top of page

Blog Posts

These are samples of research-driven posts for an herbal health and wellness website. The website is no longer active; I've copied a few of the articles here. I've removed most of the photos. I wrote about forty posts for this website.

Screenshot 2022-06-17 160613.png

Barberry is a recent target in the fight against invasive plants. Barberry (Berberis) is a low growing, spiny shrub with pretty red foliage in the fall accompanied by bright red berries. Landscapers and botanists love to hate this plant. I would like to offer several reasons to love Barberry.


Why So Many Barberry Haters?


Barberry comes in several species:


  •  European Barberry, Berberis vulgaris: A native European shrub introduced to the US as a landscape plant, now considered invasive.

  •  American Barberry, Berberis canadensis: Our native Barberry is currently on the imperiled list and protected in some states.

  •  Japanese Barberry, Berberis thunbergii, is the most common and frequently encountered Barberry and the one that gets the most hate.


There are a few others. I am focusing on the three listed above because of their berberine content, which is my main reason for loving Barberry.


First, more about Japanese Barberry. This species of Barberry has recently garnered so much attention as an invasive plant in need of eradication. It is native to Asia and was first brought to the US in 1864 as a landscape plant. It is still widely planted as an ornamental. Its spines make it a great privacy hedge.


Japanese Barberry is now listed as an invasive in many states and is said to force out native plant species with its aggressive growth habit. The plant is spread by animals who eat the Barberry fruit and spread the seeds through excrement.


Recently, the plant was also named a breeding ground for ticks. In a recent study, Japanese Barberry was cited as creating “a perfect, humid environment for ticks.” The report further states, “When we measure the presence of carrying the Lyme spirochete (Borrelia burgdorferi) we find 120 infected ticks where Barberry is not contained, 40 ticks per acre where Barberry is contained, and only 10 infected ticks where there is no Barberry.”


An eradication campaign has begun, using propane torches to burn Japanese Barberry from “native” landscapes.


Could the higher incidence of ticks living near Barberry be due to a fondness for Barberry by deer, which are primary carriers of ticks? Is this enough reason to despise and eradicate Japanese Barberry from our part of the world?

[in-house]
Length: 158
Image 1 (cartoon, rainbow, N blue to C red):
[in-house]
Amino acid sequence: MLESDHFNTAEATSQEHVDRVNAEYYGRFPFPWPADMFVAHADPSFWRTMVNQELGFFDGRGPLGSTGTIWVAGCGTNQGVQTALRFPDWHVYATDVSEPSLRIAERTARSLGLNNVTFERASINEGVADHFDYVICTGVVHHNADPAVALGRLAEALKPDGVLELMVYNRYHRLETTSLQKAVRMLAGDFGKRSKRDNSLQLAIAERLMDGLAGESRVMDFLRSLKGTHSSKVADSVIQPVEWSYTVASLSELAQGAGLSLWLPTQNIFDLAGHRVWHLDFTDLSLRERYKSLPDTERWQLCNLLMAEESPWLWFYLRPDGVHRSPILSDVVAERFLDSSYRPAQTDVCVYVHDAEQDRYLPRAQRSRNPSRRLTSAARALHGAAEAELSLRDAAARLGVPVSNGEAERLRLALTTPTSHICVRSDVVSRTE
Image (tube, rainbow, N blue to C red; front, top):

Thoughts on Invasives


I am an herbalist. I love plants. I talk to plants and learn from plants. After many years of admiration, study, and use of medicinal plants, I have a deep connection with them.


In short, I trust the Earth and the plants on her. Classifying a plant as “invasive” is purely a human construct. Part of our human-centric viewpoint of the planet is neither accurate nor beneficial.


Humans are the most invasive species on the planet. We have spread to every corner of the globe and are taking over the Earth as if it were ours alone. The Earth is a living entity that is not owned by a single species--it is by her grace that we are allowed to share her space and resources.


OK, enough of that for now. Let me offer you another way of looking at Barberry and other “invasives” that may offer a different perspective. Ever hear of Goldenseal (Hydrastis canadensis)? If you are at all crunchy or green, you probably have.


Goldenseal is a plant native to North America and has been used by native people of this continent for hundreds of years as a potent antibiotic, anti-inflammatory, and anti-cancer herb.


Goldenseal has been overharvested and is on the endangered species list in the U.S. and Canada. In my apothecary, Goldenseal was my go-to plant for any bacterial infection, and my clients and I found it highly effective. I used Goldenseal for:


  • Upper respiratory infection (sinus infection) Bacterial infection of the lower respiratory system Infection of the throat (tonsillitis).

  • UTI.

  • Topically to prevent infection of wounds.


I still keep Goldenseal in the Community Apothecary for times when other herbs don’t work, or as a small part of a formula. But Goldenseal has become extremely expensive, and because it is endangered, herbalists like me are looking for alternatives.


This brings us right back to Barberry. Plants in the Berberis genus contain berberine and hydrastine–the same effective chemicals in Goldenseal. With Goldenseal all but gone, we need another option for berberine-containing plants.